Comments

David Thompson Posted:
So very, very true. It beggars belief that we consider ourselves to be a developed nation when so much of our economy is based on selling milk powder or logs. BTW, I own a Plinius amplifier (my second) that drives a set of Theophany speakers.
(view article + comment)
David Thompson Posted:
A robust but sobering report. It concerns me that confidence is rising, yet sales and exports are down and "manufacturers and exporters are still lagging behind other sectors". Surely we should wait until we're earning more money before we start spending more?
(view article + comment)
siemens Posted:
Yes true! The only thing that will never die in this world is the nature and its science behind it. Great post.
(view article + comment)
Kieran Ormandy Posted:
Thanks for the question Steven, Germany has seen increases in manufacturing employment since 2009, and Switzerland has had stable manufacturing employment between 2006 – 2011, even in the face of ongoing Euro-zone issues. Korea has seen increases in manufacturing employment since 2008 and Israel experienced large increases since 1998, while being stable over the last 4 years. Singapore has had increases in manufacturing employment over the last two years. These countries all value their manufacturing sectors and work to protect them, this is reflected in the above numbers and their performance through the GFC. Note data around the above examples was sourced from OECD labour market stats.
(view article + comment)
John Walley Posted:
Point one: you should have no doubt what our Association says publically represent the views of our members. Point two: we don’t knee jerk responses, if you trace back our comments around NZPower you will see them link all the way back to our research in 2004 and 2005. All that material is fully linked from our comments above. Point three: you will note our comments on major users, sadly the same advantage does not accrue to smaller industrial users. The perverse incentives of the LRMC approach in all this are well known. Point four: the NZMEA is not like any other Association in New Zealand we admit only manufacturers and exporters into membership, and our public expressions are the views of that restricted membership.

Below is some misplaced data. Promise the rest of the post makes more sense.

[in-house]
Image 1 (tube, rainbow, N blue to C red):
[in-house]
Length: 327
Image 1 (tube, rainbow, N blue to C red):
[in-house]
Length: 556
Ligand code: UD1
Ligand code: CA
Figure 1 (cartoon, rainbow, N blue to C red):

(view article + comment)

Recent News

House price increases slow as new lending rules begin to take effect - QV - Stuff Business, 1 Nov 2016 New Zealand's hot housing market is showing signs of cooling down.

Global debt hits $152 trillion - New Zealand Herald, 6 Oct 2016 Global debt has hit a record high of US$152 trillion (NZD$217 trillion), weighing down economic growth and adding to risks that recovery could turn into stagnation or even recession, the International Monetary Fund has warned.In...

Business owners confident in economy - survey - 3 News Business, 4 Oct 2016 Kiwi businesses were more optimistic about the state of the economy and their own activity in the September quarter, even as their profits were squeezed. ...

Households losing wealth as debt keeps going up - Stuff Business, 4 Oct 2016 New Zealanders have become poorer over the past year.

Signs of challenges for exporters - NZMEA survey - Voxy, 6 Sep 2016 The latest New Zealand Manufacturers and Exporters Association (NZMEA) Survey of Business Conditions completed during August 2016, shows total sales in July 2016 decreased 15.27% (year on year export sales decreased by 20.48% with domestic sales decreasing by 6.03%) on July 2015.

.
Ad enquiry


13/4/11

Post Earthquake Survey - Bent but not Broken!


Print-friendly 0 comment(s) Posted in: In the media

A post earthquake survey conducted by the New Zealand Manufacturers and Exporters Association (NZMEA) shows that most manufacturers are filling their orders. The survey, conducted between the 30th of March and the 8th of April, also found that Canterbury manufacturers were generally pleased with the response of Civil Defence and the Christchurch City Council. Further results are available here.

NZMEA Chief Executive John Walley says, “It was quickly recognised that customers would not wait, and getting going fast was the only way to get to the other side of this event with a business still intact. It really was a case of be quick or fail.”

“The extraordinary efforts to restore production capacity are evident from a superficial look around those manufacturing sites hardest hit. There are extensive building repairs, temporary structures and machines operating in significantly less space. The overwhelming message has been that the commitment and resilience of staff and owners has made for a fast recovery.”

“On the performance of the City Council and Civil Defence respondents were positive overall, but it is worth noting that anyone with a business inside the cordon was and is extremely frustrated. Procedures to gain access through the cordon could have been managed better.”

“Responses to the performance of insurance companies were not as positive with some firms reporting what they were experiencing slow decisions. That said, overall responses were positive.”

“Areas where manufacturers recognised a need for further work were communication, regulation and staff shortages. The communication problems that have hurt firms inside the cordon must not continue into the rebuilding process and regulations must allow firms to rebuild with a minimum of red tape. In some cases firms have had skilled staff move away; if replacement staff need work permits these need to be issued quickly.”

From: To:

 

From: To:

 

From: To:

 

From: To:



tags: christchurch earthquake, skilled staff, christchurch city council, civil defence

comments

0 Comment(s)



No comments have been posted yet

Name:
Email:
Website URL:
Comment:
Remember Me:
Email Replies:
Please play the ball not the man.